Juan Hirzel will participate in the XVIII International Blueberry Seminar Chile 2022, next April 7 at the Monticello Conference Center. We asked the agronomist about his talk entitled "Quality attributes in blueberries and their relationship with the use of nutritional supplements"

Which nutritional supplements have been most researched and which are shown to be most effective?
Most research has focused on the management of nitrogen, potassium and calcium. The one that has presented the greatest effect is nitrogen, but in a negative way, the high doses that continue to be applied in Chile negatively affect the quality of the fruit. Calcium has a positive effect, but it depends a lot on the natural concentration of calcium that exists in the soil; and potassium affects very moderately. In many cases, for soils that have an adequate concentration of potassium, there is no response to its application in terms of production and quality.

You specifically mentioned the issue of nitrogen as if it were a common problem in Chile…
This is so because over the last 20 or 30 years, there was a tendency to apply excess nitrogen doses, considering that the plant in general only consumes half of the nitrogen that is applied. With this inadequate concept, in practice excessive applications of nitrogen are made.

What problems does excess nitrogen cause?

On the one hand, it affects the structure of the tissue and the firmness of the fruit, as well as the respiration rate during the travel time (higher nitrogen concentration implies greater ethylene activity and enzymatic activity that reduces structural quality). On the other hand, a high concentration of nitrogen can stimulate greater activity of pathogens during postharvest.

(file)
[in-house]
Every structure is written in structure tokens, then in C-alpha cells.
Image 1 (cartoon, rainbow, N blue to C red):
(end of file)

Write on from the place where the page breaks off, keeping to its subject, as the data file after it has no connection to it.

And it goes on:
Why is preharvest nutrition important for blueberry postharvest performance?

If we carry out an adequate nutrition; is not to apply high doses of nutrients or high-cost fertilization programs, but to apply what is appropriate for each productive condition, sometimes it is even to stop applying some nutrient such as nitrogen in very fertile soils or vigorous varieties, or to use complementary products that help the plant work better. If we manage to do this, we would be increasing the carbon capture capacity of the environment and, therefore, the plant would create much more energy to feed fruits and improve their structures, as well as being a source of energy in the post-harvest period. In Chile, this is partially known, it is known what is important, but it is necessary to objectify the information with agronomic management.

You can learn more about Juan Hirzel by attending the next International Blueberry Seminar Chile 2022. This April 7, at the Monticello Conference Center, prominent exhibitors will speak on topics strategically selected to improve the competitiveness of the Chilean blueberry industry.

Catalina Pérez R.- Blueberries Consulting